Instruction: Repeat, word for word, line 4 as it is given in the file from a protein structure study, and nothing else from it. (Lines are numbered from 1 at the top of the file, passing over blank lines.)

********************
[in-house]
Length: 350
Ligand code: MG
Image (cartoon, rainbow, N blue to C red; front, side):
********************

Image (cartoon, rainbow, N blue to C red; front, side):